After nearly 3 weeks exploring southern Africa, we were about to spend our last day on this amazing continent. We awoke at 5:30am and finished packing for our arduous flights back to Toronto. But before leaving Victoria Falls we still had some unfinished business to attend to. To this point, we had visited a total of 5 countries - South Africa, Mozambique, Swaziland, Zimbabwe and Botswana. Since we were spending our last day in Victoria Falls, at the border between Zimbabwe and Zambia, we decided to visit one more country before we left.
After being informed the night prior that you shouldn't walk around on the streets in the evening due to the "animals being on the move", we decided to take a cab from the Rainbow Hotel at 6:30am to the Zimbabwe/Zambia border. On route the driver stopped at the Old Tree in Victoria Falls which is said to be 1000 to 1500 years old. We arrived at the Zimbabwe border at 6:45am and went through immigration to get our exit visa stamped. We walked across the bridge that spans the Zambezi River through "No Man's Land” on the way to the Zambian border. At the border we went through immigration to get our entry stamp into Zambia. After passing through immigration we checked out the price of the park entrance on the Zambian side of Victoria Falls. While the cost was only 10.50 USD per person, it was a lengthy walk so we opted not to proceed as we had a very limited amount of time. We walked back through immigration and got our exit stamp from Zambia. In total we spent about 15 minutes in Zambia before walking back across "No Man's Land" to take some pictures from the bridge. Kim bought a bracelet and teak elephant from an entrepreneurial Zambian 'artist' who also moonlighted as a tour guide. We then crossed back into Zimbabwe where the border control officers were humourous and friendly, noting that we had exited Zimbabwe 3 times in 2 days. In total, the walk from Zimbabwe to Zambia and return, including border checks was about 1 hour.
We took a cab from the Zimbabwe border to the Victoria Falls Hotel where we walked though to the Jungle Junction restaurant for a buffet breakfast that was $25.00 USD per person. This was a much better buffet with far superior service to what we received at the Rainbow Hotel for $20.00 USD the day before. The view and ambiance of this location are unsurpassed in Vic Falls as the terrace overlooks the rainforest that borders the banks of the gorge a short distance from the falls. We finished up our breakfast that included Eggs Benedict (Denis), omelette (Kim), bacon, sausage, baked tomato, home fries and then topped it off with a waffle with strawberries and whipped cream (for sustenance). It would be several hours before we would have a chance to eat again and that would be on an airplane.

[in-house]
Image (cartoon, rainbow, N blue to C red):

After breakfast we walked back through town to the Rainbow Hotel (20 minutes), picked up our suitcases and checked out. Our driver, Handsome, picked us up at just after 10:00 AM and we headed towards the Botswana border, about 45 minutes away. En route, we spotted a venue of vultures picking at a large carcass just off the road. A short distance further down the road, Handsome spotted a male lion resting in the shadow of a tree. Just a regular day in Zimbabwe.
We arrived at the border crossing shortly after 11:00 am. We went through Zimbabwe customs to get our passport stamped. This was the 2nd time we had exited Zimbabwe in the span of 4 hours. After getting our exit stamps, Handy drove us a couple of hundred meters to the Botswana border control where we moved our luggage to a Botswana vehicle and then went through immigration to get our passports stamped once again. On exiting the customs building, we again walked through a dissinfecting solution that looked like a muddy puddle to clean our shoes as a precaution against foot and mouth disease. We then boarded our Botswana vehicle with a new driver who took us to the airport in Kasane, about 20 minutes away.
We arrived at Kasane International Airport just before noon. The Kasane Airport consists of a single tiny modern terminal. As you enter through the main door, there is a small coffee shop/restaurant with 4 or 5 tables on one side and a ticket and check-in counter for South African Airlink on the other. The electronic flight board showed a single international flight (ours) departing at 2:00 pm and a single domestic flight departing at 10:30 am. No other flights for the day were displayed. After checking our bags we went to the cafe and each ordered a glass of wine. At about 12:30, the line at the Airlink counter was finished and the attendants all left. Only a handful of passengers remained in the terminal so we went through security (in record time) and waited a few minutes in the gate area before being escorted across the tarmac to our waiting Embraer 190 that would whisk us to Johannesburg for our connecting flight through Paris and then on to Toronto.
While we had been away from home the better part of a month, and we were anxious to get back to Canada, we felt a sense of melancholy at having to end our African journey. We have both travelled extensively for business and pleasure over the course of our lifetimes, and this was the most fascinating adventure thus far.
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Sharing Our Travel Dreams
Sharing our personal experiences onboard and on the road, along with tips and insight for creating memorable vacations.